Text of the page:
ATLANTA -- Huddled together on a cold, gray day along Auburn Avenue are three generations of a black family who have seen the rise and fall -- and rise -- of the fabled street where Martin Luther King Jr. was born.
Rose Simmons grew up here, when the street was the center of black business during segregation. Portia Scott came of age during the civil rights movement and desegregation, a period that saw near ruination of the area.
Alexis Scott-Herman works here amid decaying buildings and construction areas that will become a tourist attraction.
The three women point to Dr. King's legacy as the reason for the avenue's incarnations.
"Dr. King's legacy, if you will, is the paradox of Auburn Avenue. Desegregation, which we sorely needed, led to a fracturing of the community," Mrs. Scott-Herman said. "What's happened has been good over-all. But for dear Auburn Avenue, it's left a chink in its shining armor."
Auburn Avenue was dubbed "Sweet Auburn" by early civil rights leader John Wesley Dobbs because of its opportunities for blacks even under strict segregation laws.
"It was the yellow brick road for black dreamers in the South in the 1930s and '40s," said author Gary M. Pomerantz, whose book Where Peachtree Meets Sweet Auburn chronicles Atlanta's racial, social and political history.
It was a place where blacks could own businesses, get a good education at nearby black colleges and prosper. It was a street that had something for everyone.
"You have to understand, there wasn't a lot of places for blacks in those days," Mrs. Simmons said. "Once you hit Auburn Avenue, it was just like going home. People knew you and greeted you by your name. That was something, then."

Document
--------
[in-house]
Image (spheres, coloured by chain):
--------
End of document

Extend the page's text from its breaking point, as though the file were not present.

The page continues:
There were black-owned night clubs where such musical greats as Cab Calloway and Duke Ellington performed. There were big churches, fancy restaurants, clean hotels and a slew of shops.
"Auburn Avenue was a living lab for Martin Luther King Jr.'s dreams," said Mr. Dobbs' grandson, former Atlanta Mayor Maynard Jackson.
It wasn't until the 1960s that Auburn Avenue gained recognition among whites nationwide as Dr. King's birthplace and then as his final resting place.
It was also a time that saw the decline of the two-mile street.
"Black people were able to begin to move and work where they wanted to. They left Auburn Avenue," Ms. Scott said.
By the early 1970s, businesses were closing, old buildings were torn down and residents had all but disappeared. Although many former residents returned on Sunday for church, they stopped shopping there.
It was thought by remaining business owners that the construction of the Martin Luther King Jr. National Historic Site and the Martin Luther King Jr. Center for Nonviolent Social Change would bolster the renewal.
Although they are the city's most popular attractions, they are nothing but a quick stop.
Mrs. Simmons remembers when Dr. King stood on the steps of the newspaper building debating the future of the avenue.
"The greatness of Sweet Auburn was the people. King stood on the shoulders of all these men who worked down here," she said.